Episode 13 - The Conscience

(4 January 1979)
Writer: Michael McGreevey.
Director: Gwen Arner.
Music: Alexander Courage.


"The weeks that followed the sneak attack on Pearl Harbor affected our family deeply. It was a time of great anxiety and uncertainty and like all Americans we wanted to contribute to the war effort as best we could. My brother Jason was particularly troubled during this time, he wanted to serve his country but doubts of conscience forced him to face one of the most difficult decisions of his life".


Billy Streeter, a buddy from Jason’s old National Guard unit, visits Jason after joining the Army. The lieutenant attempts to convince Jason that he should volunteer now so he can join him and the enlistees from the old unit. However, Jason says he is waiting until graduation from college. Upon telling his parents what happened, John says that young men are needed during times of war. Olivia reminds her husband that they are talking about their sons. Afterwards, Jason goes to Ike’s store for a dollar’s worth of gas. Ike thinks Jason will soon be joining the military. Corabeth doesn’t think so because he is so sensitive.


Jim Bob again attempts to join the Army Air Corp. Sergeant Gates tells him that he is still too young, but to return on his next birthday. On his way out, Jim Bob sees an Army Air Corp insignia among other designs in a tattoo parlor. Wanting desperately to join he decides to buy the tattoo for his right arm. Later, Jim Bob and Ben tell Jason how eager they are to join the war. Jason shows his hesitation much to his brothers’ disbelief. Jason leaves the bedroom to find Mary Ellen reading from an old book of poetry. He tells his sister about feeling a responsibility to sign up but admits not being sure he can kill another human being, even for his country. They continue their conversation after Mary Ellen talks with the chaplain at the hospital. She mentions the Conscience Clause that allows men to state their opposition to killing others so they can participate in war without carrying a gun. Jason says he grew up believing ‘thou shalt not kill’ but knows about the abuse such men are subjected to in the military. Jason wonders if he is a coward.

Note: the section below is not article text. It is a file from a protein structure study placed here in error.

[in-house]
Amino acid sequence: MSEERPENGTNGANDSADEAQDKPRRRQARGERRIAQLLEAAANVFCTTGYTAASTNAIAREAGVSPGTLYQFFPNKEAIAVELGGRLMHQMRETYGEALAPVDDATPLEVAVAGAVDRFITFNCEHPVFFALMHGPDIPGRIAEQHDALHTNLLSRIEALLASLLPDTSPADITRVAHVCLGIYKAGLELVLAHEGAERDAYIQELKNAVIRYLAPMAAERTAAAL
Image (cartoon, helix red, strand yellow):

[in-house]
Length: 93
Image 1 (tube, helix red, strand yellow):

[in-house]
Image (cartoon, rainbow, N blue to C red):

Jason enters the Recruiting Office to ask Sergeant Gates about Conscientious Objector information. The Sergeant provides Jason with the papers when two local boys enter hoping their papers are ready. Bert and Jeb overhear the conversation concerning C.O. status. As Jason leaves for the Dew Drop Inn Ben confronts him concerning the C.O. pamphlet he found. Ben thinks he is crazy for even considering such a thing. But Jason thinks he is more concerned what other people will say about him and the family. At the bar Bert and Jeb see Jason and begin crowing like chickens. Jason ignores the taunts but Ben forces a confrontation. When Jason intercedes he is knocked down by one of the boys. He refuses to stand up against the two saying that just because they think I’m chicken doesn’t mean I am. But Ben believes it does.


In the morning, Olivia sees Jason’s swollen lip. He admits being knocked down because two guys thought he was a conscientious objector. Olivia tells her son that it takes courage to go against the tide. She wants Jason to stay away from the war but also wants him to feel good about himself.